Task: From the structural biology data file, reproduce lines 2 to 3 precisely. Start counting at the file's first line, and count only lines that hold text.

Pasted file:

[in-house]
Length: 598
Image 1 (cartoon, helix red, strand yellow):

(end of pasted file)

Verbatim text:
Length: 598
Image 1 (cartoon, helix red, strand yellow):